After an eye-opening criticism on Medicare for All at the fourth Democratic debate in Westerville, Ohio, Sen. Elizabeth Warren will soon be releasing a plan on funding of the policy.
The policy runs on an idea of transferring everyone from the private healthcare plan to a government-run health insurance plan, which comes along with several benefits.
Now, it has become a key point for the Democratic hopefuls in their presidential run to gain support of the voters, which is why it had become a sore spot for the Massachusetts Sen. to answer the questions related to its funding, during the Ohio debate.
Speaking at a town hall on Sunday in Iowa, Warren said that she plans to talk about the Medicare for All policy, “over the next few weeks” on how much would it cost and how can the masses pay for it.
She said, “I think there have been many estimates about what the cost will be, and many different payment streams, and I’ve been working on how to give the exact details to make that work. So, this is something I’ve been working on for months and months and it’s got just a little more work until it’s finished.”
However, according to the recent study by the Urban Institute and the Commonwealth Fund, a massive $32.01 trillion would be needed over a time period of 10 years to fund the Medicare for All policy.
Additionally, the report also claimed that if implemented, the plan would lead to the savings of $886 billion over 10 years and will ensure that no American is left behind as it will lessen the number of people uninsured from 32.2 million to zero.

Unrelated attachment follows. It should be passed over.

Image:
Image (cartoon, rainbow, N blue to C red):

On the other hand, the only limitation of the report is that it has not included the information on how would the middle class be affected, if Warren’s plan comes into effect and if they would see an increase in taxes.
In response to Warren’s statement on releasing the plans on the Medicare policy, TJ Ducklo, a spokesperson for the Biden campaign said that it is unusual for “someone who has put having a plan for everything at the center of her pitch to voters,” to release plans on the funding and cost of Medicare for All, after the latest scrutiny during the fourth democratic debate.
It remains yet to be seen if Sen. Warren can convert her neck to neck race with former Vice President Joe Biden into a lead, especially with the data released from the Urban Institute and the Commonwealth Fund or if she trails back at a crucial time when democratic primaries are nearly three months away.